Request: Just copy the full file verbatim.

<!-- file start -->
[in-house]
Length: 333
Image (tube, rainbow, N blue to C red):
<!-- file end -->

[in-house]
Length: 333
Image (tube, rainbow, N blue to C red):